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it does nothing to solve the very real problem at the southern border. they're using some emergency powers and we're still, frankly, trying to understand the legal basis that those can be invoked and how those can be applied in this instance. >> the white house is encouraging business leaders to take it to mexico. to take action to stem of flow of migrants coming to the u.s. southern border. sarah sanders says that president trump is being forced to address this crisis at the border because congress has refused to do it themselves. >> this is truly and even democrats are starting to admit it's a humanitarian and security crisis and it has to be dealt with. unfortunately the president is the only one stepping up and putting forward things to stop it. >> mexico is hoping to avoid a trade war, especially since they're trying to ratify this
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new one to replace nafta. and tariffs and threats are not the way to address this issue. >> all conflicts in bilateral relations must be faced and resolved through dialog or communication. the use of coercive measures does not lead to anything good. >> on wednesday, mexico's foreign minister will attend a summit in d.c. with secretary of state pompeo and senior advisor to the president, jared kushner to discuss the tariffs, it's worth noting, this is at latest in the long moves they've made for the southern border. >> and how much that jared kushner pushed back on the tariffs, at all, in the coming segments. garrett tenney at the white house. thanks. >> joining us now, republican
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arizona congressman and house judiciary committee member, let's talk tariffs, you've called them a drastic step, but you still support them? >> absolutely. and here is why. what is happening on the border is a totally national security crisis, it's a humanitarian crisis and a lot of these people that are pushing back on this, where have they been? they have not been-- they have not been in there offering suggestions. they've not been at the border or talking to the ranchers that live along the border or the border agents. we're talking a million plus people we are going to apprehend and another million coming in a year, this is amazing. and you know, we've been working with mexico taking the carrot approach to try to get them help out. they're letting people traverse their country. it's amazing what's going on. it's devastating what's going on to this country and in some way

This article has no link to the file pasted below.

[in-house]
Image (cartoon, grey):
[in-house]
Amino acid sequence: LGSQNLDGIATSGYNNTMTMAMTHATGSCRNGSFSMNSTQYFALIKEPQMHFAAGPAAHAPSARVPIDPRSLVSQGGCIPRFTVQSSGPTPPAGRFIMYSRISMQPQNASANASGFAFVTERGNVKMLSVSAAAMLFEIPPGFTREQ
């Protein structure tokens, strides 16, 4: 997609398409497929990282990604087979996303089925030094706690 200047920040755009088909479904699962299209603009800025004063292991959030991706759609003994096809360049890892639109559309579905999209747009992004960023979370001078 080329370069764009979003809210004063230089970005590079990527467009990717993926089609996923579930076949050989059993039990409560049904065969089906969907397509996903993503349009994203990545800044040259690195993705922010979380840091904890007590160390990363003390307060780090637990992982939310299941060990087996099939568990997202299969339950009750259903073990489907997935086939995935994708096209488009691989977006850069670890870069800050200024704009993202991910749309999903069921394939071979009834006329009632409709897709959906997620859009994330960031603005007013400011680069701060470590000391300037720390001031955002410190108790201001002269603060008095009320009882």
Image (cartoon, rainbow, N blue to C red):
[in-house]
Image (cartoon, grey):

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it's an existential threat to the country. >> congressman, a lot of people pushing back on the tariffs are your own republican colleagues in congress and warning of dire economic consequences. i want to show you what republican senator chuck grassley said. he said he supported most of the president's immigration policies, but not this one. he says, this is a misuse of presidential tariff authority and counters the congressional intent following through on this threat would serious jeopardize passage at the usmca, and what could be a victory for the country. are you worried about the impact it could have on the passage of that trade agreement? >> i think that trade agreement is it going to go through. i think they're going to work it out. remember nafta itself took a great deal of time and over 400 side agreements. this is going to have a bunch of side agreements, too, they're
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working on that. if it were not to work to ame ameliorate what we have. mexico already sent up an envoy to try to negotiate with this administration and arriving next week, that tells me how important they think this. the president says we've worked with the carrot side and we'll work with the stick side. what would you tell businesses near the border worried that their businesses might suffer because of the tariffs? >> i'm with them, i understand that and they're right. i would say this is a long-term issue we're trying to resolve and hopefully get through with as minimal pain for short a period as possible and i'm hoping we can avert the actual imposition of the 5% tariff, but we've got to solve this border crisis because it's a severe crisis and i think it's going to